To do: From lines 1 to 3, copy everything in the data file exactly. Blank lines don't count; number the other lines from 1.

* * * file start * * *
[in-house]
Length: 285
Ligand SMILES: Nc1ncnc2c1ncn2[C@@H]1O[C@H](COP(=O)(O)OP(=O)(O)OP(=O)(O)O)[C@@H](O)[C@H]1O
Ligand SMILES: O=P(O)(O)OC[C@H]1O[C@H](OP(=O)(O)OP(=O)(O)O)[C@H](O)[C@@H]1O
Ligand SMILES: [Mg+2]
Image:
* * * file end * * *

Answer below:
[in-house]
Length: 285
Ligand SMILES: Nc1ncnc2c1ncn2[C@@H]1O[C@H](COP(=O)(O)OP(=O)(O)OP(=O)(O)O)[C@@H](O)[C@H]1O